Yesterday evening I told a journalist friend I was having trouble reaching out to associates of a certain famous guy over a certain matter (never mind what). And so I mentioned a thought about possibly dropping off a sealed note at the famous guy’s home. Couldn’t hurt, right?

Journo friend was mildly alarmed by this. He actually used the word “stalker” in our discussion. Dropping a note in a mailbox is stalking?

The first time I tried the letter-drop approach was in December 1980. I had pitched a Peter O’Toole interview to GQ, and they said “okay, go for it” and ICPR publicist Carl Samrock approved it by, I understood, laying the groundwork. So I flew to London, and O’Toole’s rep said “what interview?…we didn’t agree to this.”

How did I save the day? In journo-friend terminology I “stalked” O”Toole by finding his Hampstead Heath address (Guyon House, 98 Heath St., London NW3 1DP, UK) and dropping off two or three letters (successive) in his mailbox, begging him to grant me a little time so I could fulfill the assignment.

After the second or third letter they agreed. I was given 45 minutes at O’Toole’s home. Downstairs parlor. Our chat happened a day or two after John Lennon was murdered — 12.9.80 or 12.10.80.

I might not have been the most skilled or confident journalist at the time, but he gave me the absolute bare minimum in terms of time and open-heartedness. (I remember thinking as I left his home, “Wow, a bit of a prick but at least we spoke.”) We also chatted during a 1981 press event for My Favorite Year, and once again he wasn’t all that mensch-y.

O’Toole was probably one of those guys who needed a few drinks to really relax. I know he tended to regard conversations as an opportunity to pronounce and speechify.

So no, it wasn’t a great interview, on top of which only half of it was recorded due to some glitch in my ghetto-blaster recording device. I nonetheless managed to throw together a reasonably good article.

HE to journo pally: “Do you sincerely believe that if I were to drop off a letter at [the famous actor’s] building and he were to read it after his lobby concierge guy passed it along…do you sincerely believe that the blood would drain out of the guy’s face upon opening and reading the letter? Do you honestly believe that he would be seized with anxiety and paranoia and might reach for a sedative?”

From HE’s O’Toole obit (12.14.13): “He was a legendary lover of drink, a magnificent royalist, a classical actor for the ages with one of the most beautiful speaking voices ever heard. Fire in the blood and diction to die for. O’Toole was a legendary personality (he could be great on talk shows), the half-mad blonde beauty of Lawrence of Arabia, an inhabitor of King Henry II (twice), the wonderfully spirited fellow who rebounded with The Stunt Man, the voice of the gourmand in Ratatouille…a brilliant man in so many respects.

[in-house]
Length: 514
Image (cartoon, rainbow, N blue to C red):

“In private he could be a bit of a snob (or at least with the occasional journalist) but when he chose to be ‘on’ O’Toole snapped and crackled like lightning.

“He had five peak periods in his career. The first peak was a three-year period (’61 to ’64) starting with his being hired to play T.E. Lawrence and then making the film and exploding onto the scene when Lawrence of Arabia opened in late ’62, and then following up with his best performance ever as King Henry II in Peter Glenville‘s Becket.

“He lost ‘it’ for a period in the mid ’60s but then got it back as Henry II redux in Anthony Harvey‘s The Lion in Winter (’68). Then he returned again with that hilarious performance as a hippie-ish paranoid schizophrenic in The Ruling Class (’72). The fourth rebound happened between ’80 and ’82 with his performances in The Stunt Man, the TV epic Masada and My Favorite Year. The fifth and final rebound happened in the mid aughts with Troy, Venus and his voicing role in Ratatouille.

“I loved who he became when the spirit burned within. When he had great dialogue to run with, when the movie and the director were right and the stars had aligned.

“And I loved his snarliness. Listen to this wondrous passage from Becket. This was a man who knew from the crackle of electrons and who didn’t shrink from the moment or the role or anything else. He never ‘existed’ in the Llewyn Davis sense of the term. I never really knew who he really was deep down but when the moment required it O’Toole was one of the most intensely alive actors of all time.”